Are the different generations really so different when it comes to life aspirations? Whilst technology has dramatically altered access to information and how we communicate, the desire to change the world is not a 21st Century innovation
There’s talk about the growing challenge in the workplace of having three different generations with a fourth on the way: The Baby Boomers, Generation X, Generation Y and the Digital Natives. How they have different needs and expectations not just of technology but of their employers. How the younger generations aren’t as interested in money as the older generations. How they desire meaning and purpose instead and want to change the world. And will need managing very differently to their predecessors.
What a load of rubbish!
If you believed the headlines, you’d think my generation (X) all grew up chanting ‘money, money, money’. Well, some may have but most were just reciting an old Abba song. Across all generations there has always been a mix of different priorities between financial wealth, spiritual wealth, survival, happiness, a sense of purpose, a sense of obligation, a desire for legacy… and yes, a burning desire to change the world. Human nature is varied. It can be beautiful and frightening. For most people, the priority you focused on through into early adulthood was strongly predicated by childhood circumstances. The workplace has been able to exploit that. For most people, there has been little choice but to trade time for money and tolerate an unfulfilling life of work in order to provide for the next generation. How many potential artists, musicians, sports champions, politicians and business leaders never made it past a constrained life laid out for them in advance?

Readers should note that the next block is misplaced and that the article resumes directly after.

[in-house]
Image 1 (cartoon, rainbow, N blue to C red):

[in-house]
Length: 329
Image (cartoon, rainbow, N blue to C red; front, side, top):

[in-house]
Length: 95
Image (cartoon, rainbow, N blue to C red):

And that is what has fundamentally changed. Choice. As highlighted by Peter Drucker:
In a few hundred years, when the history of our time will be written from a long-term perspective, it is likely that the most important historians will see is not technology, not the Internet, not e-commerce. It is an unprecedented change in the human condition. For the first time – literally – substantial and rapidly growing numbers of people have choices. For the first time, they will have to manage themselves. And society is totally unprepared for it.
– Peter Drucker, “Managing Knowledge Means Managing Oneself”,
published in the Leader to Leader Journal no 16 (Spring 2000)
It’s not just the modern workplace that feels out of sync with human needs and desires. All systems are facing disruption. Statisticians will tell you that, if you have a vote between two options and the outcome is 50:50, it is not that half the voters were right. It’s that most were guessing. The result was random.
Look at the following chart, showing the spread of UK votes in the recent European Parliament elections:
Much has been said about the fringe party UKIP outperforming the established main parties. And it is true, nobody would have predicted that they would capture the most votes as a single party. But what that chart is really showing is randomness. When two-thirds of people choose not to vote, and of those who do, the large majority of votes are split evenly between two or more options, then people are making random choices. The message is that no one party stands out as worth voting for.
If one or more of the political parties doesn’t figure that out in the UK soon, instead of waffling on how they need to make the stupid electorate more aware (there was a similar reaction when most people chose not to vote for independent police commissioners a couple of years ago), the election next year is going to be guesswork.
Voter apathy spans generations. In reality, we’re not all that different. Some are more comfortable with the new world of choice and consequences we live in than others. And yes, those growing up in the new reality are more likely to have better coping strategies. But I wish people would stop describing each generation as having fundamentally different personalities with clear dividing lines. I just don’t see it in our real-world behaviours.
Featured image: Grand Central Station Abstract kindly shared on Flickr by Diana Robinson